Meddlesome Busybodies

Our society is hyper-alert to some kinds of danger (while being virtually asleep to some greater dangers), a fact we were reminded of today along with a reminder that such hyper-vigilance can have negative effects.

Our family went out running various errands in two separate vehicles and met at a store to pick a few things up before going home. At the end of our shopping trip I went to get the kids in the cars while Laura finished checking out. Because we had come from different places the cars were parked almost 50 feet apart. I got half the kids in one car and then helped the other half get in the other van. I then walked back to the car to drive it to a parking stall closer to the van. In the 20 seconds that it took me to do that there was a middle aged man in street clothes and a retirement aged woman who was associated with the store (as evidenced by her clothing) hovering around the van. They had already been there long enough for the man to identify himself to my 10-year old in the second car as a police officer. When they saw me approach they asked if it was my van and then told me that they were making sure that the vehicle was not unattended. Laura arrived just as they walked away.

If I had been gone for a minute or two their actions would have made perfect sense to me but as I was gone for less than half a minute and never further than 50 feet from the vehicle it seemed very presumptuous of them to alarm my daughter by knocking on her window and asking her to open the door. I don’t see how they could have had that interaction with her in 20 seconds without seeing me putting the kids in the car in the first place. Not only did they alarm my daughter but when Laura saw two strangers hovering around the van and learned that one was a police officer that left her concerned that the officer might take it upon himself to look up our address and pass it along to DCFS (he appeared to have taken down our license plate number) to alert them to these potentially negligent parents. Laura informed me afterward that she had heard that same store associate in the store making judgmental comments about another patron so even with little interaction she has shown a pattern of looking down on people.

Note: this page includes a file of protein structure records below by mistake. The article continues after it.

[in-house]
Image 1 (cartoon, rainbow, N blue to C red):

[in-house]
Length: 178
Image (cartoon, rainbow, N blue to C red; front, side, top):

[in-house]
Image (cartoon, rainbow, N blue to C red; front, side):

I understand the dangers of having kids locked inside a car on a hot day (not that it was hot at that time of evening) but it seems to me that if you spot a situation like that the first thing you should do before frightening a young girl would be to observe whether there is any apparent distress in the kids (there wasn’t) and, absent any distress, observe the situation for a minute or two to see if the vehicle is actually unattended before butting in and causing distress where none had existed.

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About David

David is the father of 8 extremely organized children (4 girls / 4 boys) who is constantly seeking answers to tough questions related to parenting, education and politics while moonlighting for 40 hours each week as a technology professional. He also enjoys cooking, gardening, and sports.
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